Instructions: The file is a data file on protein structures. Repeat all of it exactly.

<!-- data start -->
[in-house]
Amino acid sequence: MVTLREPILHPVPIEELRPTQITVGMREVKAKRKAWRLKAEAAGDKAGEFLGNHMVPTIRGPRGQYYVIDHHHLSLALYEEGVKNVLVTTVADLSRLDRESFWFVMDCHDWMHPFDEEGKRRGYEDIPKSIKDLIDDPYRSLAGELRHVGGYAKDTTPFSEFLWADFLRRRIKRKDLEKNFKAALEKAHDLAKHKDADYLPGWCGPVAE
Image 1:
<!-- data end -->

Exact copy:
[in-house]
Amino acid sequence: MVTLREPILHPVPIEELRPTQITVGMREVKAKRKAWRLKAEAAGDKAGEFLGNHMVPTIRGPRGQYYVIDHHHLSLALYEEGVKNVLVTTVADLSRLDRESFWFVMDCHDWMHPFDEEGKRRGYEDIPKSIKDLIDDPYRSLAGELRHVGGYAKDTTPFSEFLWADFLRRRIKRKDLEKNFKAALEKAHDLAKHKDADYLPGWCGPVAE
Image 1: